A federal judge tossed Republican Gov. Bruce Rauner's lawsuit over union "fair share" fees on Tuesday, but said the three non-union workers involved with the suit can continue with their own case.
"He seeks to represent the non-member employees subject to the fair share provisions of the collective bargaining agreements," U.S. District Judge Robert Gettleman said of Rauner in his Tuesday ruling. "He has no standing to do so. They must do it on their own."
Gettleman also said Rauner is not allowed to place fair share fees in an escrow account until the case is resolved.
"While disappointed that he will not be a party to that lawsuit, the governor supports the fair share employees who are now leading this effort and will continue to pursue his own claims in state court," a statement from the governor's office reads.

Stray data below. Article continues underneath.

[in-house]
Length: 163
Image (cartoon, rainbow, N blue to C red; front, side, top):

Rauner wants to block unions from taking in fair share fees from workers who opt out of joining a union, but benefit from the collective bargaining process. The governor, who believes fair share fees violate the First Amendment rights of workers who don't want to join a union, pushed the issue to the federal courts in hopes of seeing the U.S. Supreme Court "declare that these fair share provisions are unconstitutional."
In a statement, Illinois AFL-CIO President Michael Carrigan said, "We're gratified that the court has rejected Gov. Rauner's latest ploy to weaken the unions that represent police officers, child protection workers, nurses and all who serve our state."
"This should be a strong signal to the governor that it's time he treats public service workers with respect," Carrigan added.